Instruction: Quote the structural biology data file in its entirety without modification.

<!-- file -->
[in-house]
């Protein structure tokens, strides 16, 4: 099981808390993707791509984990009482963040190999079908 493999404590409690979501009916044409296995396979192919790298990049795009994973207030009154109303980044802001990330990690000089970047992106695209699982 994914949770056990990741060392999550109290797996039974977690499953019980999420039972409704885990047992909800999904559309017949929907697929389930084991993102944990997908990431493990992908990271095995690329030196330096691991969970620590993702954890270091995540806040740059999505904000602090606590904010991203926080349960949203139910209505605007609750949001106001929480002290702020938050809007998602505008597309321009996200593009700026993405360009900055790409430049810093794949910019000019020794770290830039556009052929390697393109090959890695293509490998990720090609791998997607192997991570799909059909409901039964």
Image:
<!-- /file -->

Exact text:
[in-house]
């Protein structure tokens, strides 16, 4: 099981808390993707791509984990009482963040190999079908 493999404590409690979501009916044409296995396979192919790298990049795009994973207030009154109303980044802001990330990690000089970047992106695209699982 994914949770056990990741060392999550109290797996039974977690499953019980999420039972409704885990047992909800999904559309017949929907697929389930084991993102944990997908990431493990992908990271095995690329030196330096691991969970620590993702954890270091995540806040740059999505904000602090606590904010991203926080349960949203139910209505605007609750949001106001929480002290702020938050809007998602505008597309321009996200593009700026993405360009900055790409430049810093794949910019000019020794770290830039556009052929390697393109090959890695293509490998990720090609791998997607192997991570799909059909409901039964």
Image: